Celebrating Women in Computing at Grace Hopper Celebration 2018
Lining up to board the plane for Houston, I quickly realized that there was something unusual about this Texas-bound flight. Turning my head, I took inventory of my fellow passengers. This is what I saw: on a sold-out 737 flight, there were four (bewildered) men and a whole lot of women in tech. Grace Hopper Celebration 2018 here we come!
First Timer Hoppers
For years, I had heard rave reviews from peers and colleagues about the Grace Hopper Celebration (GHC). When I joined Strava, I was excited to learn that Strava would be represented at the conference both as a sponsor and attendee contingent. And I was one of the lucky seven employees sent to GHC on Strava’s behalf.
Prior to the event, I was unsure of what to expect. I had attended conferences of comparable size in the past, many of which felt daunting and impersonal. Despite my excitement about going, I had my doubts that GHC would be able to live up to the hype. Could a conference pull off 400 sessions and 800+ speakers without compromising quality? Would I make meaningful connections in a sea of 20,000 people? How would we be able to prove that GHC was a worthwhile investment for Strava from a recruiting standpoint?
The Toyota Center (where the Houston Rockets play) had a very different feel on day one of the Grace Hopper Celebration. The sea of screaming fans was made up primarily of women, and instead of rooting on NBA stars, we were cheering for tech leaders. We heard from amazing keynote speakers who are paving the way in driverless technology and alternative energy.
Jessica O Matthews, Founder & CEO of Uncharted Power, speaking about her path to founding an alternative energy startup.
There were stories about female Chief Technology Officers (CTOs) who had grown teams that far outpace typical numbers on gender representation. There was even a letter from Barack Obama encouraging us to continue to push the boundaries for women in tech. The ceremony closed with 20,000 people chanting the conference’s tagline for 2018: “We Are Here.” For me, it served as a powerful reminder that, despite sometimes being the only woman in the room in my day-to-day, there is a growing force of women in tech, and we are not going anywhere.
Learn, network, recruit, repeat
The next three days were a whirlwind of attending sessions, meeting new people, and interviewing candidates. The conference had three major tracks — engineering, data science, and career development. Through these sessions, we were introduced to new technologies, given advice about how to navigate our career paths, and prompted to discuss topics like the future of investment for female founders. We were surrounded by women who were starting their own companies, building tools to address gender imbalance, and paving the way for women in leadership at their organizations.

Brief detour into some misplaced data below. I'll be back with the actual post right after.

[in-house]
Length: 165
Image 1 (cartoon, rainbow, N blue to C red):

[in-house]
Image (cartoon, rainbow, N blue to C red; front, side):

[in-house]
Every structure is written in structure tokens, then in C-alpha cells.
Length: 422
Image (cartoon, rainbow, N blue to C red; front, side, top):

Steph Hannon speaking on the Building Products from Scratch Panel
Our very own head of product, Steph Hannon, spoke on a panel entitled Building Products from Scratch where she shared stories about expanding Google Maps, working on the Hillary campaign (she was Hillary Clinton’s CTO), and the future of product at Strava.
Between sessions, we were meeting tons of amazing women at the Strava booth. Some were fans of the product, some just there to say hi, while others were interested to learn about the positions we had open. Because it was Strava’s first year at GHC, we did not know how much interest our booth would attract. Halfway through the first day, we were so blown away by the caliber of candidates that we pivoted our plan, deciding to schedule as many onsite interviews as we could.
Strava team on the expo floor at GHC
Emboldened and Energized
When the conference concluded, I boarded another flight full of women headed back to San Francisco — simultaneously exhausted and energized. We were able to learn about the latest technological developments, make meaningful connections with other women in our industry, and interview amazing candidates for the Strava team. The resounding message from an action-packed three days at the Grace Hopper Celebration was that there has never been a better time to be a woman in tech. There are still plenty of issues to tackle and progress to be made to make tech a more inclusive industry. That said, everyone I met at GHC — from veterans paving the way in their fields to university students entering the industry — left me incredibly hopeful about the future of women in tech.